The dollar to Philippine peso has risen again because of our friends in the Euro Zone. However, this may not continue in the short term. In the last few days, a document has been leaked that indicates leaders in the Euro Zone have a deal setup with the IMF. Basically, the IMF is guaranteeing the currency. If things get too bad, it will step in and from what I can tell basically take over the Euro for a time. We will have to watch to see how this develops but the stock market in the USA seems to be reacting favorable to this news in the futures market. Likely the stock markets will follow the futures market. If so, investors will convert their cash into stocks and the value of the dollar to Philippine peso will likely fall if all things in the Philippines remain equal.

It is very difficult to predict short term trends in the currency markets. This is because of the many factors that influence the value of a currency. In the short term, I believe that market perception plays a bigger role in a currency pairs value than do the economic conditions. And as mentioned above, a countries monetary policy makers can take action to change the trend without any indication that it is about to do so.

This week the policy makers in the USA are facing down budget cuts. And it appears there is a good chance the committee will not be able to reach an agreement. I am certain the Republicans will not move. Some Republican leaders have stated that their primary goal is not the good of the country but instead it is to remove President Obama from the White House. I hope the American people are listening. I am expecting large changes in our representation in congress in 2012. That is exactly what is needed. Right now, I don’t think it is going to go well for the Republicans but that can be harder to forecast than the volatile exchange rates. I am uncertain that failing to reach a deal will have much of an impact because the automatic budget cuts will kick in but they don’t actually to into place until 2012.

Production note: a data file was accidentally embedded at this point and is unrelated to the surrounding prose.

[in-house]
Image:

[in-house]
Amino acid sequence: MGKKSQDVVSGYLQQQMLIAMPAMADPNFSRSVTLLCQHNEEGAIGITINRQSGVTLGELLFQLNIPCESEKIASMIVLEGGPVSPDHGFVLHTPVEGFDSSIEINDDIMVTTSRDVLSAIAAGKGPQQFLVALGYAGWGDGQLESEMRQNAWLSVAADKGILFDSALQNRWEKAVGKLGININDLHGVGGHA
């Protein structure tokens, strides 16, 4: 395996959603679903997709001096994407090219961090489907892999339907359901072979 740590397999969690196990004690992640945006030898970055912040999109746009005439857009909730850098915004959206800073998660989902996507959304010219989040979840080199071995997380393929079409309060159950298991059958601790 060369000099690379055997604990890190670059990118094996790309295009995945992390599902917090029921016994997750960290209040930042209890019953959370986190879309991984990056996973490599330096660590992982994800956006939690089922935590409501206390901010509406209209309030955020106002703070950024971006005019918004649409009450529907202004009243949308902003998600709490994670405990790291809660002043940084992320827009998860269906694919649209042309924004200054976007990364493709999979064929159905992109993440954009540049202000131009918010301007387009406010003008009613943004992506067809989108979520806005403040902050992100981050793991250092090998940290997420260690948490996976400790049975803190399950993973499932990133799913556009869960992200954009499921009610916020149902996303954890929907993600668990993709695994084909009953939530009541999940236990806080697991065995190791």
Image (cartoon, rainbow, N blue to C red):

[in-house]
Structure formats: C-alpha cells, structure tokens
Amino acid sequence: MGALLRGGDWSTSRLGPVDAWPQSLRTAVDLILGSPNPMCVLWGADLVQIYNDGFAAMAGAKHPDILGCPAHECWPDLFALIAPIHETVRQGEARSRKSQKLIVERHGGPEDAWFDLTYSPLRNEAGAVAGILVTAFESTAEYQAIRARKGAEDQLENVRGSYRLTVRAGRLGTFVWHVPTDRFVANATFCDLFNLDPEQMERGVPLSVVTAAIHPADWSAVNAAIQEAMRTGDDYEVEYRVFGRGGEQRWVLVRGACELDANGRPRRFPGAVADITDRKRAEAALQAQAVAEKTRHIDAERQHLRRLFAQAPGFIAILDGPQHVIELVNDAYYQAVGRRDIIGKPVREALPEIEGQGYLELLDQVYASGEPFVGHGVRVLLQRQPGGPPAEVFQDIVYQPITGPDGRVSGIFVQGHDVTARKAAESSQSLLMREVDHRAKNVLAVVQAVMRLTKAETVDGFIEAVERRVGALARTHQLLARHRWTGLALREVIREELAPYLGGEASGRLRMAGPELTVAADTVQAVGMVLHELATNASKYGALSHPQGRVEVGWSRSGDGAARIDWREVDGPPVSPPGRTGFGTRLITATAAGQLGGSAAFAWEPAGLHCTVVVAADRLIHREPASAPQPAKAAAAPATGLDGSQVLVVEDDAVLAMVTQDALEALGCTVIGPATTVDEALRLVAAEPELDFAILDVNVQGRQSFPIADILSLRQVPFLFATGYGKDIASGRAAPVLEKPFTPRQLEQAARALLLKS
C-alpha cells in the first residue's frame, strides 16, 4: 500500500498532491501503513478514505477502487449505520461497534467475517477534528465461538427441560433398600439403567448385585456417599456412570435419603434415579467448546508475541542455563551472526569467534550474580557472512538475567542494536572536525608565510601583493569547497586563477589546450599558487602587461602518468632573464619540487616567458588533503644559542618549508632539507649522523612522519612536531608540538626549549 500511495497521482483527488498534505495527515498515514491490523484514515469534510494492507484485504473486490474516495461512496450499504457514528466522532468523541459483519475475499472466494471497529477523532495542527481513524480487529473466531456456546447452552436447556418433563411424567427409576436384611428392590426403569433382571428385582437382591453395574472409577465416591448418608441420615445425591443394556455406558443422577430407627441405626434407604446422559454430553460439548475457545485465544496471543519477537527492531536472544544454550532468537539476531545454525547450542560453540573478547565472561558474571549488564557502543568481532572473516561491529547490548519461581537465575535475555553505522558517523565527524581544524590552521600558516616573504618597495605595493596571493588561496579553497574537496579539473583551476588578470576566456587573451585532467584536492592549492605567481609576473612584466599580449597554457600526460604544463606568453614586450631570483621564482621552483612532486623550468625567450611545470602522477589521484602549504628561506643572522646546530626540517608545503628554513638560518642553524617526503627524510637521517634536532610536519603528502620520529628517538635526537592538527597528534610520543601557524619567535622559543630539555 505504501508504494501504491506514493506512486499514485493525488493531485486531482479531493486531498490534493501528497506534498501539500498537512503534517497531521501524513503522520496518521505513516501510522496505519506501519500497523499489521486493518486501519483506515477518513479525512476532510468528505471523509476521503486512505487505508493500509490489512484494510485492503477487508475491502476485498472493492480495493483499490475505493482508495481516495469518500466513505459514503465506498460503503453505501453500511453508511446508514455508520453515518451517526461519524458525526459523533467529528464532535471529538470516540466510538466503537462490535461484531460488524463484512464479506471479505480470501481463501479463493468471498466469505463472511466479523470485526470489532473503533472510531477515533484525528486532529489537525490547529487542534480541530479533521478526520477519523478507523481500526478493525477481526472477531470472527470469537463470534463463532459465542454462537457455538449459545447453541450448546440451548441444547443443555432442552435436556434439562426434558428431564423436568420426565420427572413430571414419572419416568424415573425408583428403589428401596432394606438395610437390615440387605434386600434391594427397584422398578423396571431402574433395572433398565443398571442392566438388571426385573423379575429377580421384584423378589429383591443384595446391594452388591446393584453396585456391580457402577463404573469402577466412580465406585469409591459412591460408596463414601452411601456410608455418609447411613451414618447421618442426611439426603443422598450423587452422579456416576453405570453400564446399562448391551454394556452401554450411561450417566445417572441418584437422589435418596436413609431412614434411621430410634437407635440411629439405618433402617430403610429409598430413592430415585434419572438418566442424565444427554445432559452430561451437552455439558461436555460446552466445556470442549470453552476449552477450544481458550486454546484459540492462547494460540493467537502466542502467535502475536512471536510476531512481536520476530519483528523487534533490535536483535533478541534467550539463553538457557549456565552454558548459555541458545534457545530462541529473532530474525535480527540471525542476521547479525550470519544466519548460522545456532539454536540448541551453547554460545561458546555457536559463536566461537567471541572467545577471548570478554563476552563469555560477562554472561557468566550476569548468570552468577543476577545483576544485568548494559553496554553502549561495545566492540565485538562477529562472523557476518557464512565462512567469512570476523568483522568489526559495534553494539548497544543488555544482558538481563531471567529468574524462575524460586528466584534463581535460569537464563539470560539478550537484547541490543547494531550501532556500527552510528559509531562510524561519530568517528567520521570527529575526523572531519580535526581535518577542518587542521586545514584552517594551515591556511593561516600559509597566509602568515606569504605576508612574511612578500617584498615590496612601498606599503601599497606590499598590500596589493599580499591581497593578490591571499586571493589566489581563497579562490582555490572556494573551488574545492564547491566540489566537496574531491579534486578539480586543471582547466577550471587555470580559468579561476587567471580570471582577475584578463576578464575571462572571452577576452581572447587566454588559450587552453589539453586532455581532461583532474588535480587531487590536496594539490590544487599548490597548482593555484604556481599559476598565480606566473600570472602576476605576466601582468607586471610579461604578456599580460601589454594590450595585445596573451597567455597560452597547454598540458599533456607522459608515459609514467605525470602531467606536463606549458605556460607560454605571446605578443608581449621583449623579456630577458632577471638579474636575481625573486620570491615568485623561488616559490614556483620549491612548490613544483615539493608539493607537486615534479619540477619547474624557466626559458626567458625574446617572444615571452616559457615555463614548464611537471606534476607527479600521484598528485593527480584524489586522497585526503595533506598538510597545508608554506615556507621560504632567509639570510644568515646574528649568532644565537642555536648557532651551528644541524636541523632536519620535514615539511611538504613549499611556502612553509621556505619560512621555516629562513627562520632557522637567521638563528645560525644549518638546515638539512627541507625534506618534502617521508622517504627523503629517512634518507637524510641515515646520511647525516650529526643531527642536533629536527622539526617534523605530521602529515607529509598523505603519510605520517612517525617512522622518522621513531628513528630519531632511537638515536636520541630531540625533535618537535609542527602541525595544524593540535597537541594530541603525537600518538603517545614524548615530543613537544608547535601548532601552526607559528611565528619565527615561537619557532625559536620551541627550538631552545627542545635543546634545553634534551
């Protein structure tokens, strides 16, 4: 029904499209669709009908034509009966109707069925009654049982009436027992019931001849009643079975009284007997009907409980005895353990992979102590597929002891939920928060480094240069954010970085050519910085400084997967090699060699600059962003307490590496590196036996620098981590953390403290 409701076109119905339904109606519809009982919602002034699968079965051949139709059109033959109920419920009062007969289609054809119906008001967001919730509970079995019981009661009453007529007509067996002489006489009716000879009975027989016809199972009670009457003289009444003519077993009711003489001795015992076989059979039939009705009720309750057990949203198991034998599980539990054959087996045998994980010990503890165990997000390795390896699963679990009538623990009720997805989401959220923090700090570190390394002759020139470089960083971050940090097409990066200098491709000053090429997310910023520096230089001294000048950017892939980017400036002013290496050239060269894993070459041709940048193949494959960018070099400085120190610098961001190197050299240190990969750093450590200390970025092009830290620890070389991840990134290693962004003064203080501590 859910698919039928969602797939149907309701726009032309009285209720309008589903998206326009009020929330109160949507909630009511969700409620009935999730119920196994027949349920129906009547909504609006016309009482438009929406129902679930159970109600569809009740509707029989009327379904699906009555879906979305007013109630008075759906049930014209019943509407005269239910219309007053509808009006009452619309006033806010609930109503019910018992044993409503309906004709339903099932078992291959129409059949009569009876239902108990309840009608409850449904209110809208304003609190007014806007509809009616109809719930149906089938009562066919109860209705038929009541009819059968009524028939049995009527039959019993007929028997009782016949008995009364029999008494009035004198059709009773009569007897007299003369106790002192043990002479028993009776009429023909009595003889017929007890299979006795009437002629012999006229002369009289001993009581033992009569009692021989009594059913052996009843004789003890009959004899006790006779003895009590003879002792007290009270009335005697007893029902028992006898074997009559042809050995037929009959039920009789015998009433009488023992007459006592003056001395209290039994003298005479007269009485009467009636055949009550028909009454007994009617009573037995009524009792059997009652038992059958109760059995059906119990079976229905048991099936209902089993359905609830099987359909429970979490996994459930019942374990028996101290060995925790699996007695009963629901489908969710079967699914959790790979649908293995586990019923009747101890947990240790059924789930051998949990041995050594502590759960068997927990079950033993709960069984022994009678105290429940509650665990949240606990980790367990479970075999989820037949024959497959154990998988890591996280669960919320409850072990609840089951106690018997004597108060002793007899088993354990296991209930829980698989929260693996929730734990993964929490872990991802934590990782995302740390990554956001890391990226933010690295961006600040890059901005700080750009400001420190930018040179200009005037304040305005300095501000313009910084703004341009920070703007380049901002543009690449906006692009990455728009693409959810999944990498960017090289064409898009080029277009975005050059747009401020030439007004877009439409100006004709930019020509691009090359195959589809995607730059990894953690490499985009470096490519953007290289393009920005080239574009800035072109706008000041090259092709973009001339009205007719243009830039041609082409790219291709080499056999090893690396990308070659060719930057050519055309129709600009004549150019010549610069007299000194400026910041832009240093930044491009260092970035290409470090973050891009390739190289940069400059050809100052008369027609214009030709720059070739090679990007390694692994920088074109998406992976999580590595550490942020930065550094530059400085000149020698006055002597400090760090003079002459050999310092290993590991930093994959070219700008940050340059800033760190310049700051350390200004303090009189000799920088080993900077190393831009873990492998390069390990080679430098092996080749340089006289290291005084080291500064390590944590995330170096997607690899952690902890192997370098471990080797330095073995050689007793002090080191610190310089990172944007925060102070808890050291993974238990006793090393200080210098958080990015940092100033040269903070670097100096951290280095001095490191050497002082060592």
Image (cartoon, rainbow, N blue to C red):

However, rating agency will be watching. I saw that Moody’s is now becoming concerned too and may downgrade the US dollar. Standard and Poor’s said they made their decision because of the attitudes expressed by the USA’s lawmakers. I’m sure the Republican’s are hoping the Democrats may cave again. They have no reason to think anything else. Also if the Republican’s are to give into increased revenues or new taxes then they will give Obama a leadership win and there is no way they are going to do that. The Democrats have caved before but I hope they do not. It isn’t any better for the country in the long run than the Republican’s mission of ousting Obama.

Another downgrade of the USA’s credit rating could be the straw that breaks the economic camel’s back. It could send the stock markets into chaos again at a time when the investors are already alarmed. This will be bad for many but it will likely be great for expats and business that operate in foreign markets using the dollar as its currency. When stock market investors are worried about stocks, they convert them to cash and the cash they convert to is the might dollar. When that happens the value of the dollar rises and expats see increased income.

The future value of the dollar to Philippine peso is very much in the control of lawmakers in the short term and that is way to volatile for me to predict the outcome of.

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Filed under: Dollar To Philippine Peso